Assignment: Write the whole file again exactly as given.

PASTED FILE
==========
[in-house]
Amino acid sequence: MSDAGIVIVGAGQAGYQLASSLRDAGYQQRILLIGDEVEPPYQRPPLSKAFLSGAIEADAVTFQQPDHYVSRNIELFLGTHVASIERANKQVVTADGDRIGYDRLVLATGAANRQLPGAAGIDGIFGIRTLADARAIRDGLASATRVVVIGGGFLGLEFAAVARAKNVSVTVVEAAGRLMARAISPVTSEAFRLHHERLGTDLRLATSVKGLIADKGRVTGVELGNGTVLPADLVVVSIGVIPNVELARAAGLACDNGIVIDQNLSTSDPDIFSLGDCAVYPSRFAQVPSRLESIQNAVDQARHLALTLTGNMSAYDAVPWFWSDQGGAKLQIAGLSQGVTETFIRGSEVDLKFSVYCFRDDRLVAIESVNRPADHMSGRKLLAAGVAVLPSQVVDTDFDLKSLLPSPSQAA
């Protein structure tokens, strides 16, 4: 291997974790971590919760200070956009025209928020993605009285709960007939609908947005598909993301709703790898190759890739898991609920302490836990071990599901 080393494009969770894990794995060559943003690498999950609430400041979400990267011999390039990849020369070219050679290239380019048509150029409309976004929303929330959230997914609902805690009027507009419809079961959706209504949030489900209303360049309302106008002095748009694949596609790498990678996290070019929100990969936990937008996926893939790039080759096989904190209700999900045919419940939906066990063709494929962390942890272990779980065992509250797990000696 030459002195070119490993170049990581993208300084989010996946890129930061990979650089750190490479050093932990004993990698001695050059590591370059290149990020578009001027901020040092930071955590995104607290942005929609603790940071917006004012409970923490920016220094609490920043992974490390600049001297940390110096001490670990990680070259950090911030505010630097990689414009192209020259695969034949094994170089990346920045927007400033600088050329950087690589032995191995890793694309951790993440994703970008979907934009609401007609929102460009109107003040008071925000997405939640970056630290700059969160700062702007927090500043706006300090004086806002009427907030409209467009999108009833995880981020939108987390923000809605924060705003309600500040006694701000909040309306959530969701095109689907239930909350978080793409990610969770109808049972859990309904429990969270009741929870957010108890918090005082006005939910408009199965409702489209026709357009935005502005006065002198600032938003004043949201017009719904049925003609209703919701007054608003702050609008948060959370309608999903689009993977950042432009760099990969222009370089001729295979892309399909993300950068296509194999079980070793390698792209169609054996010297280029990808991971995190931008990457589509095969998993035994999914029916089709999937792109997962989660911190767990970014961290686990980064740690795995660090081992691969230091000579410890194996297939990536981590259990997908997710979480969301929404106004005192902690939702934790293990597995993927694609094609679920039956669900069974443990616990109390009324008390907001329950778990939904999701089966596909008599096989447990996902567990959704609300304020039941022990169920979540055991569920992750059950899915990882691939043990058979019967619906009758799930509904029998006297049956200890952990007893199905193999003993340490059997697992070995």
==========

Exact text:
[in-house]
Amino acid sequence: MSDAGIVIVGAGQAGYQLASSLRDAGYQQRILLIGDEVEPPYQRPPLSKAFLSGAIEADAVTFQQPDHYVSRNIELFLGTHVASIERANKQVVTADGDRIGYDRLVLATGAANRQLPGAAGIDGIFGIRTLADARAIRDGLASATRVVVIGGGFLGLEFAAVARAKNVSVTVVEAAGRLMARAISPVTSEAFRLHHERLGTDLRLATSVKGLIADKGRVTGVELGNGTVLPADLVVVSIGVIPNVELARAAGLACDNGIVIDQNLSTSDPDIFSLGDCAVYPSRFAQVPSRLESIQNAVDQARHLALTLTGNMSAYDAVPWFWSDQGGAKLQIAGLSQGVTETFIRGSEVDLKFSVYCFRDDRLVAIESVNRPADHMSGRKLLAAGVAVLPSQVVDTDFDLKSLLPSPSQAA
């Protein structure tokens, strides 16, 4: 291997974790971590919760200070956009025209928020993605009285709960007939609908947005598909993301709703790898190759890739898991609920302490836990071990599901 080393494009969770894990794995060559943003690498999950609430400041979400990267011999390039990849020369070219050679290239380019048509150029409309976004929303929330959230997914609902805690009027507009419809079961959706209504949030489900209303360049309302106008002095748009694949596609790498990678996290070019929100990969936990937008996926893939790039080759096989904190209700999900045919419940939906066990063709494929962390942890272990779980065992509250797990000696 030459002195070119490993170049990581993208300084989010996946890129930061990979650089750190490479050093932990004993990698001695050059590591370059290149990020578009001027901020040092930071955590995104607290942005929609603790940071917006004012409970923490920016220094609490920043992974490390600049001297940390110096001490670990990680070259950090911030505010630097990689414009192209020259695969034949094994170089990346920045927007400033600088050329950087690589032995191995890793694309951790993440994703970008979907934009609401007609929102460009109107003040008071925000997405939640970056630290700059969160700062702007927090500043706006300090004086806002009427907030409209467009999108009833995880981020939108987390923000809605924060705003309600500040006694701000909040309306959530969701095109689907239930909350978080793409990610969770109808049972859990309904429990969270009741929870957010108890918090005082006005939910408009199965409702489209026709357009935005502005006065002198600032938003004043949201017009719904049925003609209703919701007054608003702050609008948060959370309608999903689009993977950042432009760099990969222009370089001729295979892309399909993300950068296509194999079980070793390698792209169609054996010297280029990808991971995190931008990457589509095969998993035994999914029916089709999937792109997962989660911190767990970014961290686990980064740690795995660090081992691969230091000579410890194996297939990536981590259990997908997710979480969301929404106004005192902690939702934790293990597995993927694609094609679920039956669900069974443990616990109390009324008390907001329950778990939904999701089966596909008599096989447990996902567990959704609300304020039941022990169920979540055991569920992750059950899915990882691939043990058979019967619906009758799930509904029998006297049956200890952990007893199905193999003993340490059997697992070995």